The example of Captain Chavasse lives on in today’s medics.

Just last week we honoured Corporal Julie May, who twice put her own life at risk to save colleagues in Afghanistan.

She received a Mention in Dispatches for attending to an IED casualty despite the significant danger posed by secondary devices in the area, and for stabilising an Afghan soldier whilst her position was under fire.

When I hear stories like this I am truly impressed by the courage and skill displayed by members of your profession.

As UK forces draw down from a combat role between now and 2014, one of the greatest challenges will be to make sure that we maintain the right medical support in theatre.

It will be difficult to strike the right balance between reductions in scale and maintaining the capability and the capacity to deal with the unexpected.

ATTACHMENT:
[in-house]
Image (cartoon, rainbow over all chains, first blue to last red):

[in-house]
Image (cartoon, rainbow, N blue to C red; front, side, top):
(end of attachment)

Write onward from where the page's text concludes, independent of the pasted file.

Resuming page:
But strike the right balance, we must.

Following the withdrawal from Afghanistan, we will to identify what lessons learned and new skills might be embedded in the Defence Medical Services for the future and, indeed, transferable into current NHS practices.

Where we are now

Back here at home defence transformation will be the vehicle that will shape the future of defence.

You are now part of Joint Forces Command, which is one of the first tangible signs of transformation.

And I know Air Chief Marshal Sir Stuart Peach will be addressing you this evening.

Of course, the history of Defence Medical Services has been one of transformation, not always positive and certainly not straightforward.

But over the last few decades, just as the armed forces themselves have changed from the massed forces that trained to face the Warsaw Pact across the North German Plain, Defence Medical Services has changed too.

From the virtually autonomous single services that ran their own hospitals when I served in the 1980s, to consolidated joint Defence Medical Service today, where the patient is the focus, which is part of the wider medical community, and which collaborates far and wide to ensure that evidence based, cutting edge medicine and treatment are embraced.

This is especially evident in the work being done in partnership with others.